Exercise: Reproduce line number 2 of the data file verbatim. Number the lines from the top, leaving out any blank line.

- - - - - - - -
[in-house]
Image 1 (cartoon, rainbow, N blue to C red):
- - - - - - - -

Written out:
Image 1 (cartoon, rainbow, N blue to C red):